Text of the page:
If March 1, 1932 was a Lindbergh prank gone wrong. The ladder broke and Charlie died, Charles couldn't go back up the broken ladder to make it look like he fell out of his crib. Since no one knew he was there he drove away with the baby (this is when Anne heard tires on the driveway). As he was driving the idea came to him to say it was a kidnapping so he had to get rid of the baby, he stopped and placed the baby in the woods. He went back to the house (blew the horn to announce his arrival) went in and acted as if nothing had happened. The night progressed as it would have if he hadn't accidently killed his son. He just waited for everyone to realize Charlie was gone. When that time came he had the police called in, he had to play this as a kidnapping, he'd left the ransom note since this was suppose to be a joke, so that worked in his favor. If Charlies body had been found within the next couple of days that would have ended the search and everyone would have thought it was the work of the kidnappers. Like a snowball rolling down hill the cover up of what he'd done got bigger and all he could do is let it roll until it stopped. Accident or not he killed his son and left his body in the woods, then involved the police and the entire world was involved in some way or another in just a few days. He could never come forward and say it was all a lie and I used everyone to protect myself. He couldn't let everything he'd accomplished in his life be ruined because of his stupid prank, he couldn't go from being a hero to being a liar who conned the world.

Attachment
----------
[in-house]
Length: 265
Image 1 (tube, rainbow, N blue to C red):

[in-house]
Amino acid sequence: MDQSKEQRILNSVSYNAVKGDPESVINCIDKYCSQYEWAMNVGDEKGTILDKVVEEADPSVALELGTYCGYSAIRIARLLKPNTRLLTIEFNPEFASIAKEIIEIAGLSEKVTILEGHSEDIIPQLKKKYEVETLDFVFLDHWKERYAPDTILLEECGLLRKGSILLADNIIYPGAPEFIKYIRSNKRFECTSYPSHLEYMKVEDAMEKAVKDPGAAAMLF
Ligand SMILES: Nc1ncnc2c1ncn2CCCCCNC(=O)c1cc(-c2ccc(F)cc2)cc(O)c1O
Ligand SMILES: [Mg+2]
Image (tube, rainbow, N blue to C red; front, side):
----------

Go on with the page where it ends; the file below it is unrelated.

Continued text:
Hi Steve, because Hauptmann never admitted to one iota of involvement, it was the damning circumstantial evidence that buried him and makes him look so bad to this day. There could have been others... more
Who got this idea to do a staged kidnapping? In Bob Andrews memoir called A Corner of Chicago, "Skippy" knew "Sookie" "staged his own disappearance to avoid having to act in a school play in which he ... more
That's amazing Sue.. was Skippy psychic?! Over a six month period, when I immersed myself in probably every issue of the Kitchener-Waterloo Record over the period March 1, 1932 and well beyond the... more
It's really too bad Ahlgren and Monier didn't do a basic reality check and a bit more research before they decided to publish their book. It's difficult to imagine Lindbergh, yanking his son feet... more